Thursday, August 23, 2012

Self-Publishing Part 1 (For Readers)

Why Self-Published Books are Worth Reading, and How to Find a Good one:

Three Self-Publishing Myths:
Self-publishing has a stigma attached to it that I think is slowly starting to fall away. The first part of this stigma is that those who self-publish don’t have anything worth reading as they haven’t been picked up by a traditional publisher. I disagree – traditional publishers want to make money. They pick books that they think will sell. (This is how celebrities get book deals – they’re already famous, and most likely not for their writing. Why we should assume that because someone is a good actor, or reality TV star, that they’re a good writer as well I will never understand?) The truth is that there are many wonderful books out there that weren’t picked up by a traditional publisher for no other reason than because they didn’t want to take a risk on something that wasn’t a sure thing. (Check out these famous author rejections - Gone With the Wind was rejected 38 times!)
Second, (and I think this is the biggest stigma self-publishing has right now) because self-publishing is so easy everyone is doing it and there’s too much crap out there. I’ve heard way too many times that people think it’s not worth their time to sift through terrible self-published books in order to find one good one. Again, I disagree. There will always be some that are “crap”, and I feel like there were more in the beginning. But, authors are learning that to have a successful self-published book that it takes time and effort. (Moreself-published books are getting to the top of the charts) It takes good writing, and a good editor. More self-published authors are doing their homework and putting the work in. And, as for the “bad books” that are already out there, ratings and reviews will help weed them out. The books that are going to be the easiest to find are going to be the ones where the author put the work in to write them, and then in turn put the work in to promote them.
Third, some think that self-published is equal to amateur, and traditionally published is equal to professional. I feel like we need to stop thinking in these terms. A self-published book can be done professionally. The only truth to the above statement is that traditional publishers have more experience being professional, where as a self-published author needs to learn how to be professional. Yes, a self-published author is an amateur publisher, but that doesn’t mean in the end that they will produce an amateur book. There are some aspects of publishing a book which require expert help, but that doesn’t mean you need a publisher to hire a professional editor, or cover artist. You can find your own experts to hire or help with your project. When self-published authors do it right, they can have books just as professional as any other. And, they are learning to do it right. Even traditionally published “professional” books still have the occasional typo or mistake, no book is perfect no matter how it’s published.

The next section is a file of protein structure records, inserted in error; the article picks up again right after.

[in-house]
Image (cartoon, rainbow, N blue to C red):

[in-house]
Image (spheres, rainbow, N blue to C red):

Carlos Porto
 
How to Find a Self-Published Book you’ll enjoy: (Helpful steps in selecting any book)
1.       Rate books by their covers. Yes, the old adage tells you to avoid this; however a book that has a professional looking cover can often say that the author cares about their book enough to spend a little extra time and/or money on it to make it perfect. These authors may also have wanted to spend a little extra time and/or money on things such as editing, and in turn may very likely have better books because of it.

2.       Read reviews. Read a good review, 5 stars, to give you an idea of what the story is about beyond what you know from the back blurb. Then read at least one 1 or 2 star review to give you an idea of what some of the problems with this book might be. Often low starred reviews are the best way to know if a book is right for you.

3.       Download a sample chapter, and if you don’t have a kindle or e-reader then at least read through the first few pages online. Practically every book on Amazon has this feature, and it allows you to read sometimes up to a few chapters of the book you’re interested in before purchasing.

4.       Most of all though, just search for the books you like to read. You don’t need to go out and purposefully look for self-published books to read. Just look for the kinds of books you enjoy, and if you come across one that happens to be self-published, keep an open mind.
 

Self-Published Suggestions:
My Self-Published Favorites:
Samantha Young’s Fire Spirits Series: I have loved every one of these books from the very beginning and I look forward to her next installment in the series, Darkness Kindled.
                Smokeless Fire: Read my Review on Amazon
                Scorched Skies: Readmy Review on Amazon
                Borrowed Ember: Readmy Review on Amazon
That Scoundrel Emile Dubois by Lucinda Elliot: I am currently reading this book and find it fascinating. One thing I love about self-published books is that I find many of them to be very original, this one does not disappoint. Read my Notes on Goodreads

Other Recommendations:

So, take a chance on Self-Published books. You may find some wonderful stories out there. After all Harry Potter was rejected 9 times, once because it was thought that “children's books did not make money”. It makes you wonder, how many authors with wonderful stories decided after that 8th rejection to say screw it and self-publish? Or, how many have decided that Traditional publishing may be on its way out and, just possibly, Self-publishing will be the way to go in the future.

Read Self-Publishing Part 2 (For Writers)